centuries, local statutes and constitutions were added in various
locales to make living the Rule applicable in specific circumstances.
The Rule of 1221 (in its 1283 form) remained in effect 1883 when Pope
Leo XIII abrogated it (that is, removed the requirement that it be lived
by those professing to follow Saint Francis of Assisi) and replaced it
with a new Rule which has been popularly termed the Leonine Rule. This
Rule was in effect until 1978 when, during the Pontificate of Pope Paul
VI, the Leonine Rule was abrogated and a new Rule, the Pauline Rule,
adopted. The Pauline Rule is the Rule which Secular Franciscans, one
group of lay followers of Saint Francis of Assisi, follow today. Other
Third Order Franciscan groups exist, which are following other Third
Living the Rule of 1221 Today
One group whose members follow the Rule of 1221 as lay people is the
Confraternity of Penitents, a private Roman Catholic lay association of
the faithful, whose Vision is:
“To give glory
to God and surrender to His Will through the living of a medieval,
penitential Rule of Life, the Rule of 1221. This Rule is lived as
closely as possible to its original intent, and in one's own home or
CFP community house, in peace with all others, and in obedience to the
Roman Catholic Church, its Pope, and its Magisterium.”
card of Saint Angela of Foligno, a widow and mystic who lived the Rule
The Prayer, Motto, Mission, and Action of Penitents complete the Vision
of the Confraternity:
PRAYER OF PENITENTS
"Most High, Glorious God, enlighten the darkness of my mind, give me
right faith, a firm hope and perfect charity, so that I may always and
in all things act according to Your Holy Will. Amen." (Saint Francis's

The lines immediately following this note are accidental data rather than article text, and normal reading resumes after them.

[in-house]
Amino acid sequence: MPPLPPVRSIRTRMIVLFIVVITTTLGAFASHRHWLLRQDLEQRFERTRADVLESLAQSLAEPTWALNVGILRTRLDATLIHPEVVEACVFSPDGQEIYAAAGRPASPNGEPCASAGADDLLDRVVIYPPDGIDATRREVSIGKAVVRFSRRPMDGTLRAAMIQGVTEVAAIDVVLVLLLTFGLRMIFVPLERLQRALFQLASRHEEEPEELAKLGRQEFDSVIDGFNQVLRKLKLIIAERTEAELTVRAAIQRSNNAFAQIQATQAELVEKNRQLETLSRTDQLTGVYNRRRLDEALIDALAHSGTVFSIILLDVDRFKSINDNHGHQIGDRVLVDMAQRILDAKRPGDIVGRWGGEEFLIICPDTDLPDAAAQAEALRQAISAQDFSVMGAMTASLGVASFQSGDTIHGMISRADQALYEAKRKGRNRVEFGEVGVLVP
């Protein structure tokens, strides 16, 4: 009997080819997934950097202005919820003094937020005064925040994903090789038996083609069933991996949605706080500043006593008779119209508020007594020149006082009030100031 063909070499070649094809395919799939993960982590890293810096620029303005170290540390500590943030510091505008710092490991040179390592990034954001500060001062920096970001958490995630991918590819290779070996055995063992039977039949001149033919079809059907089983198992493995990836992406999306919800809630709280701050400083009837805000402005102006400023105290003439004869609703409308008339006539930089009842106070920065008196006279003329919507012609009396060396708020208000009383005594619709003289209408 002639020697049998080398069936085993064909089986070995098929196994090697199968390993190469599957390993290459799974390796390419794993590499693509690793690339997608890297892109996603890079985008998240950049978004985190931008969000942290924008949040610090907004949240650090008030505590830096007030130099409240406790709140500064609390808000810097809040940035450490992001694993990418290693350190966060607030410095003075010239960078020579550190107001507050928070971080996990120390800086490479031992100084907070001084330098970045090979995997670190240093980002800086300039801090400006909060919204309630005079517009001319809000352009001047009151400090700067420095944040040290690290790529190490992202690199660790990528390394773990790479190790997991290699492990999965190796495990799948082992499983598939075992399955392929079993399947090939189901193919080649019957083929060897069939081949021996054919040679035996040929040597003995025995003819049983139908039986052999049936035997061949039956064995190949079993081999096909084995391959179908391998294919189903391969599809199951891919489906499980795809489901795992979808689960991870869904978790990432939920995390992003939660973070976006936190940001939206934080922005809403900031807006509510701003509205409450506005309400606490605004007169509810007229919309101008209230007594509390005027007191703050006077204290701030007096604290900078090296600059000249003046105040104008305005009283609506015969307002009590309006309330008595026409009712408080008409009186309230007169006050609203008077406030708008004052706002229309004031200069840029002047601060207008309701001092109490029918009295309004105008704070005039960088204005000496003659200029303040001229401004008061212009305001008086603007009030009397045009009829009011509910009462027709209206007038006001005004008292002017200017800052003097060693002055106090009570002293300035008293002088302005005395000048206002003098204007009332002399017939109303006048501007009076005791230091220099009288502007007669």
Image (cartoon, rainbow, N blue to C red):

prayer before the San Damiano Crucifix)
MOTTO OF PENITENTS
"You shall love the Lord your God with your whole heart, with your whole
soul, and with all your mind, (and) you shall love your neighbor as
yourself." (Jesus's words as recorded in Matthew 22:37-38)
MISSION OF PENITENTS
"Go and repair My House which, as you can see, is falling into ruin."
(The message given to St. Francis in a voice from the San Damiano
ACTION OF PENITENTS
To pray for God's specific direction in one's life so that, through
humbly living our Rule of Life, each penitent may help to rebuild the
house of God by bringing love of God and neighbor to his or her own
corner of the world.
Painting of Saint
Thomas More, Chancellor of England and martyr, who lived the Rule of
of Penitents is open to all who wish to explore living the Rule of 1221.
The Rule, Constitutions, and other information about the Confraternity
can be found at
Please pray about what you find in those pages and contact the
Confraternity when you feel so led.
May all the penitents of all ages intercede for you as you discern
God’s perfect Will for your life!
May the Lord bless you and grant you the desires of your heart!